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This is part of a series of conversations between authors to mark the 2021 edition of The Globe 100, our annual guide to the most noteworthy books of the year.


Illustration by LeeAndra Cianci

An intrepid female Secretary of State races around the world to stop a terrorist unleashed by the former president, a dangerously stupid egomaniac now holed up in his Florida resort. Hillary Rodham Clinton, who served as U.S. secretary of state under president Barack Obama, was clearly exorcising some demons when she teamed up with Quebec-based author Louise Penny to co-write her first novel, the political thriller State of Terror. In a joint phone interview from London, England, Clinton, 74, and Penny, 63, laughed easily and finished each other’s sentences like the friends they’ve been since 2016. Here are highlights from our conversation.

Johanna Schneller: Fun moment in your book: A Canadian politician clearly modelled on Chrystia Freeland shows up on a 2 a.m. Zoom wearing moose pajamas.

Louise Penny: As you know, in Canada they come with your tax forms. [Both women laugh.]

JS: State of Terror has been a bestseller since it arrived Oct. 12. It’s a proper page-turner, full of clocks ticking down and planes taking off. It’s written with insider authority. At its core, though, it’s a story of female friendship, between the newly minted Secretary of State Ellen Adams and her best friend and counsellor Betsy Jameson. I can’t think of any other thriller that is built around that kind of relationship.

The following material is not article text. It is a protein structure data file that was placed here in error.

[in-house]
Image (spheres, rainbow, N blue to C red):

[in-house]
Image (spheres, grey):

Hillary Clinton: That’s why we decided we would write the book. We wanted to write a political thriller where women are the protagonists. With their lives, their friendship, their feelings at the centre of the story.

JS: Madame Secretary, Betsy is an homage to your oldest friend, the late Betsy Johnson Ebeling, who died of breast cancer in 2019. You met Ms. Penny after Ebeling mentioned in a newspaper interview during your presidential run that you and she were reading one of Penny’s Gamache novels. In this book, Betsy is such a lovingly wrought character – steadfast, whip-smart, wickedly funny, a word nerd. What did you and the real Betsy respond to in one another?

HC: We met in sixth grade in Park Ridge, Ill. We just had the same reactions to things. We had a similar sense of humour. We loved to read; we used to go to the library together.